The Employment and Manufacturers Association and Business New Zealand have released the annual Mood of the Boardroom survey in association with the New Zealand Herald.
FIRST Union is concerned about the lack of statistical rigour in the surveys. The options on the question regarding business opinion on the ERA are geared towards a negative result. In statistics this technique elicits a response bias because these are leading questions to a particular answer (there is no neutral or ‘not concerned’ answer). Business New Zealand has apologised for the survey question.
FIRST Union Secretary Dennis Maga says the surveys lack simple validity measures so should not be taken seriously.
“The options on the Mood of the Boardroom survey are all negative, there is no option for companies to say what part of the bill they are happy with, or that they are not concerned by the proposed changes. Their questioning is far from statistically sound, in fact it’s completely geared towards the answers they want.”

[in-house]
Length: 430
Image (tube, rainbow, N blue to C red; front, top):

Mr Maga says it shows the organisation is trying to push old and dated business models.
“It shows they’re becoming desperate, workers just might get a fair deal and they’re going to desperate measures to stop that. I don’t take these surveys seriously and for the sake of the wellbeing of workers and the New Zealand economy neither should anyone else.”
Mr Maga says the EMA and Business NZ are blowing the business community’s concerns out of proportion to suit their own agendas.
“The EMA is ignoring the opinions of progressive businesses, businesses that we are seeing more and more of. The EMA and its affiliate Business NZ are trying to enforce a system that doesn’t work, that hoards money away from the everyday hard-working New Zealander. It is important we get employment law right, for every New Zealander.”
He says the EMA only considers one side of what makes an economy run well.
“These organisations only represent half of the economy, whereas production and distribution, in other words workers and their spending power, make up the other half of a healthy economy, one that’s flush with spending power.”